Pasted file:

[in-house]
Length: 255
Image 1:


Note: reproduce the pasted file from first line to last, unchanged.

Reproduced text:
[in-house]
Length: 255
Image 1: